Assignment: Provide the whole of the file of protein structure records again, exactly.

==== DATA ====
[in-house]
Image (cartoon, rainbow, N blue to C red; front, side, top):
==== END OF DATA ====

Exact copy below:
[in-house]
Image (cartoon, rainbow, N blue to C red; front, side, top):